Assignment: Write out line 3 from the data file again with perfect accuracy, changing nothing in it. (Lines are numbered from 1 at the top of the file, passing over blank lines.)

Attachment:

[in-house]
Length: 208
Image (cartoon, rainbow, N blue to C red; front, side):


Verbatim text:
Image (cartoon, rainbow, N blue to C red; front, side):